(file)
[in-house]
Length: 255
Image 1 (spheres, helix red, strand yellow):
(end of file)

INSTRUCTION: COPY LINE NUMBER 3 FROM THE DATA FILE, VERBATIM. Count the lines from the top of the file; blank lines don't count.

Image 1 (spheres, helix red, strand yellow):